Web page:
The Reformation was a Europe-wide religious movement triggered by a spiralling resentment of the Catholic Church. Its origins can be traced back to 1517 when Martin Luther pinned his 95 Theses on the Power and Efficacy of Indulgences to the door of Castle Church in Wittenberg, Germany. Luther’s document attacked the doctrines, rituals and ecclesiastical malpractice of the Catholic Church. Though he began by wanting to reform the church, differences soon proved irreconcilable. The result was a split within Christianity, leading to the establishment of Protestantism.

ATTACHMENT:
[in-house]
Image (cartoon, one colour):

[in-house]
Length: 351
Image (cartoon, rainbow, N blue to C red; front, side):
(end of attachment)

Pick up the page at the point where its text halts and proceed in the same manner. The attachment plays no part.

Other prominent figures within the movement were John Calvin (see note for p. 30) and John Knox. It was the latter who led the Scottish Reformation, culminating in Scotland’s formal break with papacy and the establishment of the Church of Scotland in 1560.